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Pregnancy Discrimination Case Settled, EEOC Hits Hard

December 04, 2012 08:13pm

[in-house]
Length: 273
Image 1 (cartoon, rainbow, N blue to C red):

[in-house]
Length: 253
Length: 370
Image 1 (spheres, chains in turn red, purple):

The Equal Employment Opportunity Commission announced earlier this November that it has reached a settlement agreement with the Muskegon River Youth Home.The youth home, which served as a detention facility for juveniles in the state of Michigan, had an employment policy that required employees to take particular steps as soon as they became pregnant. Once an employee learned that they were going to have a baby, the employment policies and procedures handbook at the Muskegon River Youth home stated that she must notify the youth home immediately about the pregnancy.After this notification, she was required to go to a doctor's office and get a doctor's note giving her permission to continue working in the youth home before she would be allowed to continue working. If women at the Muskegon River Youth Home were unable to produce a doctor's certificate, they were forced to go on a leave of absence throughout their pregnancy.This leave of absence was unpaid. Women who were pregnant and unable to provide a doctor's note were also required to continue using unpaid leave until they had not been pregnant for 30 days or more. The reasoning behind this policy had to do with liability.The Muskegon River Youth Home claimed that they simply wanted to avoid the possibility of lawsuits from pregnant women who had become sick or injured while on the job in part because of their pregnancies. Workers from the Muskegon River Youth Home sued in district court, alleging violations of the federal Pregnancy Discrimination Act, which prevents employers from engaging in discriminatory practices against pregnant women. The EEOC announced its lawsuit in late September, and by early November a tentative settlement plan had already been decided upon.Under the terms of the settlement, the EEOC will be able to monitor the activities of the Muskegon River Youth Home for evidence of continued pregnancy discrimination for a period of up to ten years.The youth home will be required to make regular reports to the EEOC, as well as to immediately change the policy that led to the lawsuit. According to the EEOC, the Pregnancy Discrimination Act requires employers to treat pregnant employees the same as non-pregnant employees.By requiring pregnant employees to obtain specific medical permission to continue working, which was not normally required for employees, the Muskegon River Youth Home put itself at odds with the PDA.The EEOC has been cracking down on violations of this law over the last year, and it's likely that there will be more PDA lawsuits in the next several months as this law continues to be enforced and interpreted. There is some indication that the EEOC may also begin to pursue pregnancy discrimination related claims under Title VII of the Civil Rights Act.The EEOC is already appealing in a Texas lactation discrimination case, claiming that both Title VII and the PDA can apply to cases where pregnancy related conduct is being discriminated against, because pregnancy is a condition that is dependent on the sex of the person carrying the baby. Sources: eeoc.gov, uscourts.gov